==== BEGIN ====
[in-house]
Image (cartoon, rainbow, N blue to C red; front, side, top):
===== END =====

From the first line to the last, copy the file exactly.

[in-house]
Image (cartoon, rainbow, N blue to C red; front, side, top):